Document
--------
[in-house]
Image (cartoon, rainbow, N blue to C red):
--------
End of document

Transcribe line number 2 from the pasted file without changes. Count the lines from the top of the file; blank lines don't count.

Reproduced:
Image (cartoon, rainbow, N blue to C red):